The latest development in the restriction of Irish internet use is from mobile operator o2, which has blocked access to the popular image hosting site i.imgur.com. As usual, the excuse is 'dear god, think of the children' pushed by the masterminds of the blockade and self-appointed internet police — The IWF .
Diabolus Advocatus writes: "Ars Technica has an article on a new form of DRM being considered by the IEEE. It's called Digital Personal Property and although it removes some of the drawbacks of conventional DRM it introduces new drawbacks of its own. From the article:
Digital personal property (DPP) is an attempt to make consumers treat digital media like physical objects. For instance, you might loan your car to a friend, a family member, or a neighbor. You might do so on many different occasions and for different lengths of time. But you are unlikely to leave the car out front of your house with the keys in it and a sign on it saying, "Take me!" If you did, you might never see the vehicle again.
It's that the ability to lose control over property that is central to the DPP system. DPP files are encrypted. They can be freely copied and distributed to anyone, but here's the trick: anyone who can view your content can also "steal" it irrevocably. The simple addition of a way to lose content instantly leads consumers to set up a "circle of trust" that can be as wide as they like but will not extend to total strangers on the Internet."
Diabolus Advocatus writes: Cory Doctorow has an interesting article on guardian.co.uk addressing what cloud computing really means for the average consumer:
The tech press is full of people who want to tell you how completely awesome life is going to be when everything moves to "the cloud" — that is, when all your important storage, processing and other needs are handled by vast, professionally managed data-centres.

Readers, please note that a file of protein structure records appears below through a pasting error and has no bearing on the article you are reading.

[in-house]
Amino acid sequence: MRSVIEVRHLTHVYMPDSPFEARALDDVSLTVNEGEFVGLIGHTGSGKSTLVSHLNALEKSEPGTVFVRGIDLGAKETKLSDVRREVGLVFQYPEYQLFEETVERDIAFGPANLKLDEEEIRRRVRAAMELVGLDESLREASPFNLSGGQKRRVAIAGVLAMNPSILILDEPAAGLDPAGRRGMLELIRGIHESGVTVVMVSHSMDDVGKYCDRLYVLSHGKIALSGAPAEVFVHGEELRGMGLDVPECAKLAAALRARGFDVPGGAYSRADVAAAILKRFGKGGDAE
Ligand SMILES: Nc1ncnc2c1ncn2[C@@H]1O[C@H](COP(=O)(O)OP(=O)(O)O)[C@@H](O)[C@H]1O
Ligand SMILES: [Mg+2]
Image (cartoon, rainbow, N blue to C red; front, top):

Here's something you won't see mentioned, though: the main attraction of the cloud to investors and entrepreneurs is the idea of making money from you, on a recurring, perpetual basis, for something you currently get for a flat rate or for free without having to give up the money or privacy that cloud companies hope to leverage into fortunes.
Diabolus Advocatus writes: As has been discussed before, Ireland's largest ISP — eircom — began blocking thepiratebay.org on Sept 1st 2009. At first it appeared that eircom were trying to appease the record labels and affiliated cronies. Now it appears the censorship has a more sinister background.
For anyone not with eircom I have mirrored the notice page eircom customers see when trying to access thepiratebay.org here. As you will notice in the "Legal Downloading" section near the bottom, it states that eircom are working with the labels to "to develop an innovative new music service for eircom and non-eircom customers".
Diabolus Advocatus writes: The fate of David Donatelli, former head of EMC's storage unit, may be decided by the courts. EMC and Donatelli have filed lawsuits against each other over Donatelli's plan to join EMC competitor Hewlett-Packard, the Reuters wire service reported.
HP announced Tuesday that Donatelli, president of EMC's storage division, will join HP on May 5 as executive vice president for enterprise servers, storage, and networking. But analysts questioned whether a non-compete clause would interfere with HP's plans to steal a top executive from a competitor.
Diabolus Advocatus writes: At the start of 2007 Netflix started offering a 'Watch Now' service that lets subscribers watch flicks and tv shows online at no extra cost. The limit is one hour per dollar, so if you pay $18 for your subscription, you get 18 hours of credits to watch shit online. All well and good, but the trouble is that Netflix doesn't easily allow you to save the flicks and watch them at your leisure because the films are entrapped in some shittastic Windows Media DRM wrapper. Let's see if we can fix that. This guide will thus show you how to save and decrypt the movies from Netflix so that you can convert them to other mediums and watch them at your leisure.